Rural Africa Weekly Report: Unlocking Africa’s Rural Tourism Potential and Other Reports
Every week, Rural Reporters collate reports on development in rural Africa and its environs. The reports include some of our top picks from recent must-read research, interviews, reports, blogs and in-depth articles which have been carefully selected to help you keep up with global issues. Here are some of the updates you may have missed from the previous week:
Mrs Elizabeth Ofosu-Adjare, the Minister of Tourism, Culture and Creative Arts, has called for the need to unlock Africa’s rural tourism potential for the improvement of the lives of rural folks.
She said the sector had a tedious responsibility to unlock Africa’s rural tourism potential in order to create economic opportunities in deprived communities.
Mrs Ofosu-Adjare was speaking at the inauguration of the Ghana Rural Tourism Development Forum in Kumawu, in the Sekyere Afram Plains District of the Ashanti Region.
Will electricity in developing rural areas spread more like cell phones than land lines? These startups think so.
After years of fits and starts, startups and big businesses are finally starting to pay attention to the solar market in rural corners of the developing world.
Over the past few months, a number of high profile investors have backed startups selling solar panels to off-grid customers across regions like Africa, India, and East Asia. Meanwhile, big solar companies have created divisions focusing on rural customers in the same areas.
That this market is now starting to mature shows how solar is increasingly affordable to people who earn less than $2 daily. At the same time, it highlights how business can lead social development—electrification, in this case—in ways that some non-profits have failed.
The Specialized United Nations agency, the International Fund for Agricultural Development (IFAD) has approved $67 million to support projects intended to empower the rural poor in Mozambique over the next three years, APA can report on Monday.The announcement was made Monday by the IFAD representative in Mozambique, Robson Mutandi during the annual review meeting of the Country Strategic Opportunities Programme (COSOP).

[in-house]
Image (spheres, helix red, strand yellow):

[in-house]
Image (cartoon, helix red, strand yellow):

The programme was approved in 2011, and establishes a framework for the partnership between IFAD and the Mozambican government.
It was an otherwise routine flight between Addis Ababa and Bangkok, except this one was making history. In November, Ethiopian Airlines commissioned its first flight crewed by all women, from the cockpit right down to maintenance.
It may seem like an easily overlooked feat, but for an African country that only adopted gender equality policies 10 years ago, the historic flight was one of many notable landmarks in the path toward bridging the gender gap.
Christmas Day Babies Top 900 in South Africa
Over 900 babies were born in South Africa on Christmas Day this year, with the highest number of tots recorded in Gauteng Province, the health authorities said Sunday.
According to official figures, some 213 babies — including 110 boys and 103 girls were born in Gauteng, the province that hosts Johannesburg, the country’s commercial capital.
In the Eastern Cape Province some 217 babies were born there, with 116 girls and 101 boys.
The province’s district with the highest number of births was OR Tambo with 52 births, the officials said.